Pets: Summer Heat and Heat Stroke

Did you know…

When a car is parked and it’s 85 degrees outside, it only takes 10min to reach 104 degrees inside and at 30min it will be 119 degrees – even with windows open? That 15 minutes of you running into the store can be the life or death for you pet.

Don’t leave pets in your vehicle in hot weather – the Punishment for this Animal Cruelty Ranges from a Citation to Jail Time

How hot is it in your car?

When you’re driving, check your pet’s area too making sure that the cooler air is reaching them as well.

Pets Don’t Sweat

Don’t exercise your dog in the heat of the day – dogs can’t sweat – they can only pant to regulate their body heat.

Hot Pavement Can Scald Dogs’ Feet Instantly

Keep your walks and runs to first thing in the morning or in the evening when the weather is cooler.

Keep your pet’s area at home cool with adequate shade and shelter. Having a shallow child’s water pool, one that’s good size for small dogs to get in and out of, is one way to help your dog cool down.

Keep an eye on your guinea pigs, rabbits or birds

Cats cope with heat by finding cool places to rest, and can cool themselves by licking and wetting their hair. Other smaller pets can really suffer from the heat, especially in outdoor enclosures. Check they have enough breeze or cross-ventilation, or take them inside your house if it’s really hot. You can also place a shallow tray filled with water, or something they won’t eat soaked in water in an area of their enclosure – but it must be shallow to avoid drowning risk.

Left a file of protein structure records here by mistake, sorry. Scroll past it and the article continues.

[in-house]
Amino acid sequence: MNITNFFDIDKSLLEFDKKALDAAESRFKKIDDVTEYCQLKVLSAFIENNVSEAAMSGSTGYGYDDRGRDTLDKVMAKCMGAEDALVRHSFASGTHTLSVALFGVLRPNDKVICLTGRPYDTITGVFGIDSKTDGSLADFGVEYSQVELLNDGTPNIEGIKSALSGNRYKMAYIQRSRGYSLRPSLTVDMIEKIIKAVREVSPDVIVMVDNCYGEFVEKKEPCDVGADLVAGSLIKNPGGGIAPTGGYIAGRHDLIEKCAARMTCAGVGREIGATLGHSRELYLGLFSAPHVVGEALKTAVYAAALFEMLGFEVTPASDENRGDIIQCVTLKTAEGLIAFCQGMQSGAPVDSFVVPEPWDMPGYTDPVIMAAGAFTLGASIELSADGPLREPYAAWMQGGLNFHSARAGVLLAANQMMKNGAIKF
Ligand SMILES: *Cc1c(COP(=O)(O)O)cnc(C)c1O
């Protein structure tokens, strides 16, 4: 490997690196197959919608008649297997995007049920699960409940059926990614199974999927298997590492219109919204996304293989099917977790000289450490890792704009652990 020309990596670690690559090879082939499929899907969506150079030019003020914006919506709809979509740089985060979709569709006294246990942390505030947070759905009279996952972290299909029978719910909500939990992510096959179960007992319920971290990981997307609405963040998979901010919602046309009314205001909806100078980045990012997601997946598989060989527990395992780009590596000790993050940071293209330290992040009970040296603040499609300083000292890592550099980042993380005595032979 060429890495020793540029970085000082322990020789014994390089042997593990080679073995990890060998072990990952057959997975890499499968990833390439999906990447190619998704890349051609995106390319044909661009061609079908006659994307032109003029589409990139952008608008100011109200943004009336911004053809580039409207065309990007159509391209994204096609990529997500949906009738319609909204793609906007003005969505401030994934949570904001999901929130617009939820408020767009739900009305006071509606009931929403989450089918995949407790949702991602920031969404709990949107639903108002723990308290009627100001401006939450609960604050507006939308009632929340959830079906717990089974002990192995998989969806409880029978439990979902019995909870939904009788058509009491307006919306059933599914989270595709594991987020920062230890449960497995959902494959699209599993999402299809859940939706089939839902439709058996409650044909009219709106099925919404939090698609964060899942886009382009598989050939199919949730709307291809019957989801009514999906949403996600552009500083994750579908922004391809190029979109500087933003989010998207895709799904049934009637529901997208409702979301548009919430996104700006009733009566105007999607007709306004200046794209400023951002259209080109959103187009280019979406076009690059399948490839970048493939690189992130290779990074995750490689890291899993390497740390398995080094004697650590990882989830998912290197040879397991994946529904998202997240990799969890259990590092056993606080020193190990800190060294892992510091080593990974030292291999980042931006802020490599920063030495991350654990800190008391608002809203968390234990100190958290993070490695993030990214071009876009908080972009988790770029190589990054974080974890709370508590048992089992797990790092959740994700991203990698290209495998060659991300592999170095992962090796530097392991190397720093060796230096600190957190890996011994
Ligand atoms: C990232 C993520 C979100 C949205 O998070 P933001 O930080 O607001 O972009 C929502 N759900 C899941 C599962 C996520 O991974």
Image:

Put Ice Cubes in Your Dog’s Water Bowl

Give your pet at least two water bowls, full of fresh water. This means there’s a back-up option if one water bowl gets tipped over or emptied. You can also freeze a large block of ice to give them in addition to plenty of drinking water.

Recognizing Heat Stroke in Animals

Whether it’s a pet in a back yard or in parked car, recognizing signs of heat stroke can save an animal. Look for:

  • Heavy panting, difficulty breathing, excessive thirst
  • Bright red tongue and mucus membranes, which turn grey as shock sets in
  • Thick saliva, drooling, vomiting, and/or diarrhea
  • Unsteadiness and staggering
  • Lethargy

Get the animal to a vet immediately

Cool the animal down with damp towels

Try to get them to drink water or chew an icecube

See a Dog in a Parked Vehicle? Call 311 or 911

For more information on heat safety for pets or what to do if you encounter an animal in peril, visit the Animal Welfare website.

Also visit, Help your pet keep its cool in hot weather